By Boris Esono Nwenfor
Leading one of the most important foundations in the world and the most influential in Africa, Merck Foundation, Dr Senator Rasha Kelej has certainly come a long way in establishing the Foundation to where it is.
In her drive to promote girls’ education and the empowerment of women, Dr Kelej has created the African Community of Art and Fashion with the set objective to be the voice of the voiceless and break the silence about many social and health issues in Africa and create a culture shift together. Dr Rasha Kelej strongly believes that fashion and art should have a purpose beyond entertainment and look good.
And ahead of the 37th edition of the International Women’s Day, this March 8, 2022, Dr Rasha Kelj who was named one of the Most Influential Africans in 2019, 2020 and 2021 has opened up on her journey from Egypt to the United Arab Emirates and to be the CEO of Merck Foundation. She has encouraged women that when they make it in life, they should not forget to support others around them.
Tell us about yourself, your journey towards becoming the CEO of Merck Foundation?
Rasha Kelej: I was born in Egypt, a simple girl who wanted one day to change the world and be successful; I spent most of my life in the United Arab Emirates, between Dubai and Abu Dhabi. I became a pharmacist and then I got my MBA from Scotland.
I was always determined to make an impact in the world. I believed in our Africa’s potential and African talents and capabilities, but I realized that there are many challenges in the continent with regards to proper access to patient care, education, information and change of mindset, which I wanted to find a way to address effectively in a new and creative way.
I joined the international healthcare industry in 1994 then started establishing Merck Foundation in 2012. After many years, I finally broke the glass ceiling and became the CEO of one of the most important foundations in the world and the most influential in Africa, and led its establishment and creation and implemented its program myself for the first two years before I got the team that helps me execute and follow up now.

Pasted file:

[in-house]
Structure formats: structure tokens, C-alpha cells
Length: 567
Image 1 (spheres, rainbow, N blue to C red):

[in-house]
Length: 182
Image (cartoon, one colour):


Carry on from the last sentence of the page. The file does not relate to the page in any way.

Being in this position, I genuinely feel that it is now my turn to support other women to reach their potential. Empowering women is in the spirit of everything I do personally or professionally.
Tell us about your signature “More Than a Mother’ Campaign. How did it start and how did it reach where it is now?
Rasha Kelej: I initiated the “More Than a Mother” campaign in 2015, it aims to empower infertile and childless women through access to health, information, education and change of mindset. It defines interventions to break the stigma around infertile women and raises awareness about infertility prevention, management, and male infertility.
In partnership with 20 African First Ladies who work closely with us as our Ambassadors and together with the Ministries of Health, Information, Education & Gender, Media & Art, this campaign also provides training for the Fertility specialists and Embryologists in their countries to build and advance Fertility care capacity in Africa, Asia and developing countries. I am proud that we have provided more than 370 scholarships to doctors from 37 countries, to advance women’s health, Reproductive and Sexual care and Fertility Care Capacity in Africa and developing countries. However, Merck Foundation has provided more than 550 scholarships out of a total 1200 to female doctors in 42 countries, these are scholarships of one-year diploma and two-year master degrees in underserved and critical specialities such as; Respiratory Care, Endocrinology, Fertility, Cardiovascular Preventive, Oncology and more to empower women in STEM.